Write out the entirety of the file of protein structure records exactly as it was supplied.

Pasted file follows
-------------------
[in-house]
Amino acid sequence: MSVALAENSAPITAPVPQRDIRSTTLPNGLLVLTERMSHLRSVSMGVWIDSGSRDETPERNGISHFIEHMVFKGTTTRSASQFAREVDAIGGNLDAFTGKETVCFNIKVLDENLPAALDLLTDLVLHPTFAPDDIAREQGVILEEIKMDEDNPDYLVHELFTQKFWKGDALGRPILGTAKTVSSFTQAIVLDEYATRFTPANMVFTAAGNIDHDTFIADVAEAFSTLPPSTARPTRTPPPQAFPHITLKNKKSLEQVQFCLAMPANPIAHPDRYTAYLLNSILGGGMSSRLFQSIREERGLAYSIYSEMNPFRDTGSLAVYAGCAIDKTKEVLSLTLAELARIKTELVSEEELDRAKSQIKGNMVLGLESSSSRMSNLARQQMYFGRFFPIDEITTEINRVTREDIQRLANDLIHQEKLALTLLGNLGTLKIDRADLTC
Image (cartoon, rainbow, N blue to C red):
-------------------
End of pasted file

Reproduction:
[in-house]
Amino acid sequence: MSVALAENSAPITAPVPQRDIRSTTLPNGLLVLTERMSHLRSVSMGVWIDSGSRDETPERNGISHFIEHMVFKGTTTRSASQFAREVDAIGGNLDAFTGKETVCFNIKVLDENLPAALDLLTDLVLHPTFAPDDIAREQGVILEEIKMDEDNPDYLVHELFTQKFWKGDALGRPILGTAKTVSSFTQAIVLDEYATRFTPANMVFTAAGNIDHDTFIADVAEAFSTLPPSTARPTRTPPPQAFPHITLKNKKSLEQVQFCLAMPANPIAHPDRYTAYLLNSILGGGMSSRLFQSIREERGLAYSIYSEMNPFRDTGSLAVYAGCAIDKTKEVLSLTLAELARIKTELVSEEELDRAKSQIKGNMVLGLESSSSRMSNLARQQMYFGRFFPIDEITTEINRVTREDIQRLANDLIHQEKLALTLLGNLGTLKIDRADLTC
Image (cartoon, rainbow, N blue to C red):